The following are the symptoms of each type of neurofibromatosis:
Symptoms of neurofibromatosis-1
- Café-au-lait birthmark: One of the earliest symptoms of the condition is the presence of the light brown café-au-lait birthmark. It is pronounced as “cafay oh lay,” and is French for coffee with milk. The birthmark occurs due to a congregation of skin pigment and can happen anywhere on the body (6). Café-au-lait birthmark co-occurs with NF-1 almost 100% of the time. Six or more café-au-lait marks strongly indicate NF-1.
- Freckles: Freckles that appear in clusters in the armpits and the groin region.
- Lisch nodules: Pigmentation of the iris muscles. It is the development of brown or black spots in the colored part of the eye. The aggregation of pigments is called Lisch nodules and is easier to spot among children with light-colored eyes.
- Neurofibromas: The large pinkish or brownish lesions on the body, which are the tumors, are called neurofibromas. They begin as small bumps on the body and gradually increase in size. They have a rubbery feel to them when touched. Neurofibromas may not seem to cause any discomfort to the child but may be painful when pressed. A child with NF may not have these bumps during infancy but will certainly display them by the age of two or three years.
- Plexiform neurofibromas: These are similar to the neurofibromas, but mostly occur in nerve cells around the eyes, ears, or other parts of the face. They often cause the loosening and drooping of the skin. Plexiform neurofibromas are usually present at birth, unlike neurofibromas that emerge later.
- Bone abnormalities: Deformation of the bone and parts of the skeleton. A typical example is scoliosis, which is the abnormal curving of the spine.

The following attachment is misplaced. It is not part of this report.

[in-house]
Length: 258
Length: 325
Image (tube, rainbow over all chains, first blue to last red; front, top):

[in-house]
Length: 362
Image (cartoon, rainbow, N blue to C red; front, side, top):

- Eye growths: Growths/tumors within the eyes can interfere with vision. About 15% of people with NF-1 will develop tumors in the nerves within the eyes.
- Problems with the brain: The baby may experience headaches and migraines. In rare cases, the baby may also develop seizures and epilepsy.
- Problematic neurological development: Some children have issues with their neurological development and thus will have behavioral and learning problems. They may also display a behavior deviant from that of their peers. It is quite common for children with NF-1 to have attention deficit hyperactivity disorder (ADHD) and autism spectrum disorder (ASD) (7).
- Circulatory system problems: The child may develop problems of the circulatory system. High blood pressure is one condition that is quite likely to occur among those with NF-1.
Symptoms of neurofibromatosis-2
Most symptoms of NF-2 are similar to that of NF-1. Symptoms of NF-2 appear around late teens or earlier in some cases. Neurofibromas are present even in NF-2. The following are the unique symptoms of NF-2:
- Tumors of the central nervous system: Tumors can also develop on parts of the central nervous system, which includes the brain and spinal cord. Tumors may also be present on the membrane that covers the brain and the spinal cord.
- Eye problems: Cataracts may form at a young age. Benign eye tumors that impede vision may also develop.
- Ear problems: Tumors on the auditory nerve called acoustic neuromas affect hearing and may even lead to hearing loss. The child may also experience tinnitus, a condition where one continually hears a buzzing or ringing noise.